CutTime connects communities with symphonic music so they might sustain each other.
Let’s face it: America has become culturally much less formal, far less Euro-centric, and more live-and-let-live. Many say it’s becoming impolite and rude; testing the limits of free speech and the rights to be individual ourselves. And yet, if a curious new listener wanted to try the magic of LIVE classical music, they’d have to dress up, pay up, shut up and sit rather still in a huge, silent concert hall; all of which is like going to a church. While this is ideal for the classical musician and fan, the industry has yet to design commercial, new user experiences (UX) that might serve those who tend to avoid anything fine arts. None believe real change is possible. But now that “the Arts” are redefined much more broadly, curious music-lovers are giving classical music another chance to reform. The major institutions are trying to be cautiously more inclusive. Yet it might take another recession (or a generation) for the industry and its highest-paid musicians to re-examine core principles and push past historic blocks to seek a dynamic balance between preserving the art form and agape (love) for real people, inc. sports fans and blue-collar workers.
Potential new fans are saying:
1) Few of us took classical instruments in school, and our parents had no interest either.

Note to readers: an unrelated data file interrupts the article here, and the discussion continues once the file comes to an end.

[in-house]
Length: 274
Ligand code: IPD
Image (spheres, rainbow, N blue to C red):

2) We don’t know much about ‘classical’ and won’t take time to read first: we need a lively guide.
3) Neither classical concerts nor internet videos give entertaining personality, context or advice.
4) Classical concerts seem dry, cold, boring and confusing. Why can’t you make the best of this work in clubs?
5) We prefer songs, rap & dance because drums & lyrics are dramatic, personal & complex enough.
6) If I can’t join in somehow, I may want to talk to my friends, while enjoying the music. Where can I do that?
7) Without a rocker’s passion, classical concerts can feel lifeless, pointless or surreal to us. Make us believe you!
8) My friends and I prefer new music, but anything well-played, or sung, is welcome. Bring us variety.
9) Classical doesn’t market broadly; like you really can’t accept us all as-we-are. Where’s the series for us?
10) We may need our own people to design our own parties around classical music.
Let’s celebrate our good fortune to have so many choices in music. Isn’t this part of what our ancestors wanted for us? And yet, if people aren’t sure they can come as-they-are, as at most other music events, whole communities feel dis-invited (looks, tsk-ing, overheard words) by audience and ushers for wearing jeans or t-shirts at classical events. Let us enlarge our audience base by welcoming everyone to concerts. In the house, our current audiences stand on the frontlines of audience development.